W R I T T E N · W OR K



by Robert Ranieri, 2013



 That tree up there, so distorted. We climb to reach its place where soil gives way to roots.  Weathered roots adhere around a polished rock; a rock like an open palm of hand, a gnarled hand, knotted veins.  
         Rock and tree, a knotted hand of mangled fingers, twists to grasp whatever passes time by time,
each moment held focused  in the light.
We must know the light remains;   there.
Again we climb up there; to see the hand.
Know the hand that holds the rock with twisted fingers.
Can we climb up there again? again?
         Scratched like weathered bronze these markers, my
old leather boots on a shelf. They often march across Manhattan in the drear of august, where sweaty faces are fumed at street corners by bulky buses.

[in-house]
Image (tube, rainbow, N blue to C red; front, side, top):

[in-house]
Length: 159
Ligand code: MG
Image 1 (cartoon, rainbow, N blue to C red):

Fueled by a few dollars, enough for coffee at the stand up corner shop, and needing a respite from loneliness;  what to do?
         Sunday at the Met museum, is a quiet reverie.
         A kind of sanity, and self preservation is felt in this place, when the noise of the depressed streets outside is distant.
         A lovely young lady shared a large painting with me. We studied it together. Our eyes scanned the work; she volunteered quick insights. We felt alone with one another in this space, and would later return to my East Village apartment, after it was explained that our intimacy would not be assumed, though once there, we did spend the evening and overnight together, in a sensuous rapture.
         Rock, tree and flowing water.





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